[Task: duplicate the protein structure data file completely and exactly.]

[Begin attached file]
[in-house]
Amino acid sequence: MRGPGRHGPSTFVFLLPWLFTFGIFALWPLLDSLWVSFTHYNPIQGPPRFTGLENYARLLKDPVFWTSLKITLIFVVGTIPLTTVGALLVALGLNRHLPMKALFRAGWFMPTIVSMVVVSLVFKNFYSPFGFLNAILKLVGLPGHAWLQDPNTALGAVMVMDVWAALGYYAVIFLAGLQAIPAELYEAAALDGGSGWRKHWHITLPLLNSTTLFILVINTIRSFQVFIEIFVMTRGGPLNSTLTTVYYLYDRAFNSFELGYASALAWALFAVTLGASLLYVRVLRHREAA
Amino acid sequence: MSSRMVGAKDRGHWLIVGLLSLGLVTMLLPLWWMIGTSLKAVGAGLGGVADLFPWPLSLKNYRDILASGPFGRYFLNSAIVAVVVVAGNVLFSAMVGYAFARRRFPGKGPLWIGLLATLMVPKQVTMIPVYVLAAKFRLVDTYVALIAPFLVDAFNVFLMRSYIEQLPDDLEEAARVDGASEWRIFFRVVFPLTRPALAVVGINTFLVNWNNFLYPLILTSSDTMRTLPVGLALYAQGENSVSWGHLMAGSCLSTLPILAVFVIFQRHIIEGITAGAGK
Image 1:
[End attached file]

[in-house]
Amino acid sequence: MRGPGRHGPSTFVFLLPWLFTFGIFALWPLLDSLWVSFTHYNPIQGPPRFTGLENYARLLKDPVFWTSLKITLIFVVGTIPLTTVGALLVALGLNRHLPMKALFRAGWFMPTIVSMVVVSLVFKNFYSPFGFLNAILKLVGLPGHAWLQDPNTALGAVMVMDVWAALGYYAVIFLAGLQAIPAELYEAAALDGGSGWRKHWHITLPLLNSTTLFILVINTIRSFQVFIEIFVMTRGGPLNSTLTTVYYLYDRAFNSFELGYASALAWALFAVTLGASLLYVRVLRHREAA
Amino acid sequence: MSSRMVGAKDRGHWLIVGLLSLGLVTMLLPLWWMIGTSLKAVGAGLGGVADLFPWPLSLKNYRDILASGPFGRYFLNSAIVAVVVVAGNVLFSAMVGYAFARRRFPGKGPLWIGLLATLMVPKQVTMIPVYVLAAKFRLVDTYVALIAPFLVDAFNVFLMRSYIEQLPDDLEEAARVDGASEWRIFFRVVFPLTRPALAVVGINTFLVNWNNFLYPLILTSSDTMRTLPVGLALYAQGENSVSWGHLMAGSCLSTLPILAVFVIFQRHIIEGITAGAGK
Image 1: